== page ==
Senate panel to conduct ‘major review’ of all U.S. intelligence programs


U.S. Senate Intelligence Committee Chairwoman Dianne Feinstein on Monday announced that the panel will initiate “a major review” into all U.S. intelligence programs amid uproar following media disclosures about U.S. spying on world leaders.

Feinstein, one of the defenders of the U.S. intelligence surveillance programs that have been under scrutiny since June, issued a statement following reports that the National Security Agency has conducted surveillance on leaders of foreign countries, including Germany Chancellor Angela Merkel.

In the statement, Feinstein said a total review of all U.S. intelligence programs is necessary so that members of the Senate Intelligence Committee could be fully informed of what the intelligence community is carrying out.

“With respect to NSA collection of intelligence on leaders of U. S. allies — including France, Spain, Mexico and Germany — let me state unequivocally: I am totally opposed,” said the statement.

“Unless the United States is engaged in hostilities against a country or there is an emergency need for this type of surveillance, I do not believe the United States should be collecting phone calls or emails of friendly presidents and prime ministers. The president should be required to approve any collection of this sort,” she said.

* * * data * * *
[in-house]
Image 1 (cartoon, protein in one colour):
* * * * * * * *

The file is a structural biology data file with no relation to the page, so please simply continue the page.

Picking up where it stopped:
She said that “certain surveillance activities”, unlike NSA’s collection of phone records under a court order, have been in effect for more than a decade and the Senate Intelligence Committee “was not satisfactorily informed.”

Feinstein also said that according to her understanding, President Barack Obama was not aware of the collection of Merkel’s communications since 2002. “That is a big problem,” she added.

She said the White House has informed her that such collections on U.S. allies will not continue.

The White House spokesman Jay Carney said on Monday Obama has full confidence in NSA Director Keith Alexander and the agency’s rank-and-file.

The defense of the NSA comes amid outrage and criticism from American allies in Europe over media reports that U.S. intelligence agencies have monitored the communications of Merkel and tens of millions of phone calls in France and Spain. PNA


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